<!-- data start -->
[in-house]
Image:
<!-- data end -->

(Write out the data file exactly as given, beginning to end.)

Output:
[in-house]
Image: